disproven in large-scale studies.
Another reason that MMR may have been linked to autism is due to the timing of the vaccine, which is administered between 12 and 15 months of age. Autism also begins to present itself around 12 months when affected children do not meet social and language
skills milestones. But it has been proven repeatedly in large-scale studies that there is no link between vaccines, including the MMR, and autism.
Are vaccines “too much” for children’s immune systems?
No. Our immune systems, including those of babies and children, are exposed to tens of thousands of foreign substances (i.e., antigens) every single day, which is significantly higher (1000-fold) than what children are exposed to in a vaccine. Administering
multiple vaccines at the same appointment is both safe and effective. Combining vaccines into one visit also leads to fewer appointments and, more importantly, fewer tears.
Are preservatives in vaccines harmful?
No. Preservatives (the purpose of which are to keep vaccines hygienic and free from bacteria) and stabilizers in vaccines have also been proven in many large, controlled studies to cause no harm. Babies are exposed to larger amounts of preservatives
in their natural environment, including preservatives transferred from mother to baby in breast milk.
What about “alternative”, “slow”, or “delayed” vaccine schedules?
No. The medical community (The Centers for Disease Control, The American Academy of Pediatrics, The Institute of Medicine, The American Medical Association) advocates following the Recommended Immunization Schedule for Persons 0-6. This schedule
has been specifically designed, researched, and tested to be the safest and most effective way to immunize children. Deviation from this schedule leaves children vulnerable to vaccine-preventable diseases and illnesses like whooping cough, meningitis, measles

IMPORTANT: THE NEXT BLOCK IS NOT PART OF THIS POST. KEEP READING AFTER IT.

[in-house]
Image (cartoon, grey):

and more, all of which can be life-threatening.
Where can I go to read reliable information about vaccines? Your child’s pediatrician is the best person to come to with any questions, concerns or the recommended schedule of vaccinations. The following are links to reputable organizations and studies for
Now is the time when our shopping lists for holiday giving may include items for children of varying ages. While walking through the aisles, you’ll see plenty of new toys along with many of the tried-and-true classics (like building blocks and dolls). With
all the options out there, how do you know which toys are best suited for what ages?
The most colorful or cute toy on the shelf doesn’t always make it the best choice. It’s worthwhile to recognize that children of varying ages have achieved different development milestones. Just as you wouldn’t give an infant a LEGO® set, you also wouldn’t
buy a four year old a teething rattle.
Kenneth Fox, MD, a pediatrician at NorthShore, gives the following recommendations when shopping for age-appropriate toys:
Play is essential to a child’s physical, cognitive, social and moral development. Toys, books and experiences that enrich creative play make wonderful gifts for the season and support healthy child development all year long.
Can you remember a time when one of your children received a toy not well suited for his or her age? What did you do?